Today I ran a messenger errand by bike over to Emeryville to obtain some meds for Cathy.  I needed an excuse to get out and it was a nice afternoon.  I got into regular ride kit and chose the Lemond-R.  The 8 miles there went smoothly and felt good.  I got the meds, then rode to Aquatic Park in Berkeley to use the bathroom.  After that, I decided to ride up to Telegraph, then head south to Alameda.  Soon enough I stumbled on the Actual Cafe, on Alcatraz.  This is a cafe that features indoor vertical bike parking, so on a whim I decided to give it a try.  I ordered a cappucino and gazed upon the twenty-somethings with laptops all intent on doing things online.  I seemed the only person without a device.  The bikes on the wall were all pretty ordinary, except for one which was festooned with all kinds of junk, including a 5 gallon bucket on the front handlebars.  The java was ok, but certainly not good.  Overall, not too impressed.

Resuming, traffic was heavy on Alcatraz and I soon realized that Telegraph was going to be bad, its  a major artery as people funnel towards the freeway.  At the corner of Alcatraz and Telegraph, three cars were lined up to turn right, signals blinking, waiting for the light.  I stopped behind them.  I spied in my mirror another cyclists coming up behind me, something large on his back, a big box or something.  He rode by me on the right and stopped on the corner, effectively blocking the cars turning right.  The first car in line was looking left at the stream of cars coming, and when the light turned green, started to go, then had to abruptly stop as the cyclist wobbled out into the street but suddenly saw the car was turning, so veered back and bounced off the curb, then saw the car had spared him from being run over, so wobbled back into the street, made almost a U-turn, and proceeded across the intersection.

I hated this moron.  What a fucking idiot.  It really made me mad, but I was turning on Telegraph.  Soon enough I encountered another Fucking Moron on a bicycle.  Another twenty something, no helmet but yes on the U-lock swinging on the handlebars, who was having some trouble with his bike and weaving all over the bike lane, so I had to shout ON YOUR LEFT when I passed him so as not have him veer into me.  A couple blocks passed and I seemed to hit all the red lights, traffic was heavy, not pleasant.  Then I see this same guy ahead of me... how did that happen?  The only way for him to get ahead was somehow run the red lights and I didn't notice it.  I followed him and sure enough, come the next red, he stopped half way out into the intersection, looked around, then rode through it.  That was it, I was pissed off at this guy.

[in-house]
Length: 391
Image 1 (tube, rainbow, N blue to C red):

I caught up to him easily, and knowing I only had a moment, turned to him and loudly stated HEY DUDE, I HAVE A QUESTION FOR YOU---WHEN ARE YOU GOING TO GET SERIOUS?  He said "what does that mean?"   IT MEANS NOT RUNNING RED LIGHTS.  WHEN YOU RUN A RED LIGHT IT MAKES MOTORISTS THINK WE ARE IDIOTS. IF YOU WANT RESPECT FROM MOTORISTS THEN YOU NEED TO STOP FOR LIGHTS AND SHOW THEM WE TAKE THIS SERIOUSLY.  I was half shouting I think, the wind noise, traffic and caffeine  all amping me up.  All he said was "yeah, ok".